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December 23, 2011

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Ridding subway of beggars not easy

A 37-year-old blind man surnamed Ma from Henan Province was taken by the police yesterday afternoon while begging in a city Metro station.

Like many regular beggars, Ma is not a new face to the police and he knows most of the officers and even security guards of the Metro police station under People's Square. Police records show it was the 201st time Ma was caught begging in the city's public transport network.

Shanghai police launched a campaign yesterday, the latest in a continuous effort to root out begging in the city's Metro. In the campaign, 60 beggars were caught and taken in for registration, police said.

But police can do little, as no penalty can be imposed except sending them to the city's shelters. Since going to shelters or homeless centers is on a voluntary basis and few beggars want to go there, police face a dilemma. This year city police have caught 11,717 regulation breakers in Metro lines, in which 8,130 were beggars, police said in a statement yesterday. They have sent 3,632 of them to shelters. Most beggars simply leave the shelters and continue to beg on subway lines.

"They're not really poor but just want to make a living on that," said Yang Li, an officer who has handled Metro beggars since 2009.

Yang said the police had tried to help a teenage girl surnamed Bao who was taken out with her parents to beg but failed to change her life.

"The family claimed they were short of tuition fees for the girl but after we bought her books and stationery, we still caught them begging," Li said.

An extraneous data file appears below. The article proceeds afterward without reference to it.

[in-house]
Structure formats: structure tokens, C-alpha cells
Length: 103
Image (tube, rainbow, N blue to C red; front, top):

Although begging is not allowed on Metro lines, it remains incessant despite repeated campaigns, partly because there is no real punishment.

Police said a beggar can get 50 yuan (US$8) per train and that many of them come to the city to beg from their hometowns far away.

Officers with the police station under People's Square can nab more than 20 beggars a day, and they are trying their best to keep them from affecting the crowded trains during rush hours.

Most beggars bring their children with them to win passengers' sympathy.

Shanghai has about 20 homeless centers providing free food, accommodation, hot baths and even medical care, said the social welfare division of the Shanghai Civil Affairs Bureau.

The homeless, however, don't seem to appreciate the government's efforts. Officials said they appeared reluctant to go to the centers even when invited. When center staff try to drag them inside even out of the freezing wind, they tend to refuse. While some said they preferred their freedom, others expressed fear of being sent back to their hometowns, even though that practice was abolished eight years ago.

"I don't want to live in the homeless centers," said a woman yesterday in the police station, who was caught while begging with her child. "There is no freedom."

Police said she was sent to a center several days ago.

"Some people are not used to being managed," said an official surnamed Wang of a homeless center in Huangpu District.

"And in fact most beggars have their own shelter, and some of them can even rent a small apartment."


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